Edible glue makes sugar sculpture, cake decorating and gingerbread houses possible. Egg whites are a natural glue: by themselves they can coat breads and muffins to allow toppings to stick, coat granola to cause clumping, and help pie crusts and puff pastry stick together. Sugar glue made from egg whites is a thick soft “paste” that is best applied with small spatulas or knives, rather than paint brushes. It performs the task of a glue but also tastes good.
Things You'll Need
Separate pasteurized eggs and place the whites in the bowl of a stand mixer or in a large bowl to hand beat. Keep the egg yolks in the refrigerator for other recipes.
Beat the whites in the stand mixer on low or by hand with a whisk, until they are frothy and bubbly, about 1 to 2 minutes.
Add 1/2 teaspoon of cream of tartar for each egg you used and increase machine or arm speed. Beat until the whites begin to peak, about 2 more minutes in the mixer, or 3 to 4 more minutes with your arm. Do not beat until the peaks are stiff. They should be shiny, soft and gooey.
Add 1 cup of confectioner’s sugar for each egg you used, adding it 1/2 cup at a time. Add the sugar while the machine is on low or while you continue to beat by hand. Once all sugar is incorporated, beat until the icing forms stiff peaks. To test if it is finished, remove the bowl from the mixer and hold it upside down over a sink. If the mixture stays where it is, it is ready.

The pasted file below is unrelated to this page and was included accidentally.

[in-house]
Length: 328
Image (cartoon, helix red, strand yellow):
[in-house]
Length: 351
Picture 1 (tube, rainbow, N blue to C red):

Make sure you work quickly with the glue once you apply it, as it sets almost instantaneously.
Use the glue right away or transfer it to a smaller bowl, cover it with plastic film and keep it in the refrigerator until it is needed. Do not keep it in the refrigerator for more than a day, or the egg will separate and a layer of water will form.
If you prefer, use pasteurized egg whites from the store rather than separating whole eggs.
References and ResourcesDinner Co-op: Gingerbread House
Evansville Courier & Press: Egg Whites Are the Glue to Add Sweet, Salty Coatings to Nuts